Another day, another dolla’

Tt loves toys. Partly because he’s completely spoiled rotten, and partly because he just loves toys (I was never spoiled rotten, and I still loooooove my toys, so I’m sure it’s not ALL linked to being spoiled). Anyhow, every time we go out now, he asks for a toy. My fault. Entirely. 1 monster, created by me. But, now that he pretty much has any toy that costs less than $10, he’s set his sights a bit higher. $40 higher, to be exact. Actually, it’s $50US , so… ya, anyhow.

BUT, I figure, what a great way to teach him about money, counting, saving, etc. We have the piggy bank all set up, so why not teach him how it works? So we briefly reviewed how when we get some money, these different variations of coins equal $1.00.

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Then we talked about how out of each $1.00, some goes to “INVEST”, some goes to “SAVE”, some to “TITHE” and the rest for “SPEND” (about $0.60 on the dollar). He doesn’t really get it for now, but that’s ok. He does know that all my spare change goes into his various jars.
But, really, I just wanted to teach him patience, and the exchange of reward for work.

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So, we instituted 2 things – allowance, and child labour. Allowance is now $5.00/week, and once he divides it all up, that’s about $3.00 in his pocket. He has to clean his room and toys for free, but he can help out around the house (cleaning all the tops of those baseboards with a wet rag was a great one) for some extra allowance. When he has a babysitter, he can make some money if I hear that he HELPED babysit his little brother (plus I get peace of mind that the sitter might possibly want to come back one day!). If he gets “gift” money, he can keep some in his “SPEND” jar.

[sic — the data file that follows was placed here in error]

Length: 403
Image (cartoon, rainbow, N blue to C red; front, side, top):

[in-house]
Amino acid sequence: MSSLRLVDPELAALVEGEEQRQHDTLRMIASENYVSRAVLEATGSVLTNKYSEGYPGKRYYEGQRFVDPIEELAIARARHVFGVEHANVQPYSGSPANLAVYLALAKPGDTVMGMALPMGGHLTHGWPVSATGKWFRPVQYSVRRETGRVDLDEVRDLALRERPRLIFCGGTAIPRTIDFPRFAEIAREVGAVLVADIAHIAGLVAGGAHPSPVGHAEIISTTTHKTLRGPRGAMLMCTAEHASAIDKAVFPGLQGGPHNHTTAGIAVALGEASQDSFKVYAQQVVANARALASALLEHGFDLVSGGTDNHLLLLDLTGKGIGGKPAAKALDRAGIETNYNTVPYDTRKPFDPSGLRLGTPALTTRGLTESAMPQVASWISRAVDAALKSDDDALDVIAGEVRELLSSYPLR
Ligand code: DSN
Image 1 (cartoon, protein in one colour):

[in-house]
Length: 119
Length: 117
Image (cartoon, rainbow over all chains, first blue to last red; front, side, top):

And, OF COURSE, we set up a chart for him to follow and keep track. (I love charts like I love spreadsheets and lists…).

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He’d been doing mostly great – even told a friend once that “I’m not buying a toy today because I’m saving my money”, so I offered him an extra boost ($50 is a long ways off for a $3.00 allowance, after all). I told him if he wrote (dictated) and drew out a story for me, I would pay him $1.00 “royalty” on every copy I made to give away as Christmas presents to family. He did such a fantastic job of creating a story about a Knight named King Arthur (how orginal) and a dragon named Filosoby, I added $10.00 just to his “SPEND” pot alone.

51yqxdfqoml_sl500_aa280_By the time he was just a few dollars away from his $50 goal, Hubby took him to buy his hard-earned treat (with one more allowance “owed”). I wasn’t there, but apparently Tt asked if it was “on sale”, and when it wasn’t, he chose a $10 Teenage Mutant Ninja Turtle toy instead. Just as happy as a clam.

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I’m not sure he got much out of the exercise, except that for just a few weeks he actually said “no” to new toys all by himself, and that now he actually has spending money in his piggy bank because he saved it. And of course his enabler mother bought him the Lego for Christmas.

We’ll try to do it all again later (counting, money responsibility, etc).
(and maybe next time we’ll explain US exchange and taxes/duty to him…).